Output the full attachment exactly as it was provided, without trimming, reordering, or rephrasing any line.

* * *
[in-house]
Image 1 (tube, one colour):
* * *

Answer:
[in-house]
Image 1 (tube, one colour):